The shared journey
“Suhrawardy and I are living together in a Muslim manzil in Beliaghata where Muslims have been reported to be sufferers. We occupied the house on Wednesday the 13th instant and on the 14th it seemed as if there never had been bad blood between Hindus and Muslims. In their thousands, they began to embrace one another and they began to pass freely through places which were considered to be points of danger by one party or the other… As I have said above, we are living in a Muslim’s house and Muslim volunteers are attending to our comforts with the greatest attention. Muslim volunteers do the cooking. Many were eager to come from the Khadi Pratishthan for attendance, but I prevented them. I was determined that we should be fully satisfied with whatever the Muslim brothers and sisters were able to give for our creature comforts and I must say that the determination has resulted in unmixed good. Here, in the compound, numberless Hindus and Muslims continue to stream in, shouting their favourite slogans. One might almost say that the joy of fraternisation is leaping up from hour to hour. Is this to be called a miracle or an accident? By whatever name it may be described, it is quite clear that all the credit that is being given to me from all sides is quite undeserved; nor can it be said to be deserved by [Suhrawardy]. This sudden upheaval is not the work of one or two men. We are toys in the hands of God. He makes us dance to His tune… Thus considered, it can be said that in this miracle He has used us two as His instruments… This is neither a miracle nor an accident. A chain of events can be clearly seen… In this process, our advent on the scene enabled the onlooker to give us credit for the consummation of the happy event… The delirious happenings remind me of the early days of the Khilafat movement. Then we had the objective of the Khilafat and Swaraj as our twin goals. Today, we have nothing of the kind. We have drunk the poison of mutual hatred and so this nectar of fraternisation tastes sweeter and this sweetness should never wear out. In the present exuberance one hears also the cry of ‘Long Live Hindustan and Pakistan’, from the joint throats of Hindus and Muslims. I think it is quite proper. Whatever was the cause for the agreement, three parties accepted Pakistan. If then the two are not enemies one of the other, surely there is nothing wrong in the above cry. Indeed, if the two have become friends, not to wish long life to both the States would probably be an act of disloyalty.”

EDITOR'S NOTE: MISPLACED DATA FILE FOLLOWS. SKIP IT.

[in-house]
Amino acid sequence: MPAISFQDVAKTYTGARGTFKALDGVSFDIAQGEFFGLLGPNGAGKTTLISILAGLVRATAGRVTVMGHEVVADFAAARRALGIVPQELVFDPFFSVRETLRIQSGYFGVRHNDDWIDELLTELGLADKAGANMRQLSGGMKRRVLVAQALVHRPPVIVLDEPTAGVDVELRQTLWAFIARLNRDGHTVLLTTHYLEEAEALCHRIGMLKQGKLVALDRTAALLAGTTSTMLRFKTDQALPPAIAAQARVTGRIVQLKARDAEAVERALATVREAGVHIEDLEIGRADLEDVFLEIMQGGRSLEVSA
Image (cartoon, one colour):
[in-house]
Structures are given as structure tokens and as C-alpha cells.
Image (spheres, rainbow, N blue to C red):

The much praised miracle of Calcutta lasted another 10 days, after which hate once again prevailed and the city burned in an orgy of madness. Gandhi was attacked at Hydari Mansion. Suhrawardy escaped because he had gone home to pack so that he could accompany Gandhi to Noakhali the next day.
Gandhi went on a fast unto death to restore peace. His will prevailed after four days of savagery; peace was once again established but by that time horrifying reports were emanating from East and West Punjab. Bapu left Calcutta to replicate the miracle there but, when he reached Delhi, he discovered that the inferno had spread there. He had to forego his Punjab plans to establish sanity in Delhi and spend the next few months in the City of the Dead, as Delhi was called in those days.
On January 30, 1948, Bapu died after being shot thrice. Delhi was, indeed, a City of the Dead that day.
So much he said in those last few months of his life proved to be prophetic. Today, as we celebrate a landmark Independence Day, his words are a chilling reminder of the mistakes we made 74 years ago and are once again repeating today.
Lest we forget.
Tushar Gandhi, great grandson of the Mahatma, is an activist, author and president of the Mahatma Gandhi Foundation. Reach him here: email@example.com. Excerpts courtesy: ‘The Collected Works of Mahatma Gandhi, Vol 89.’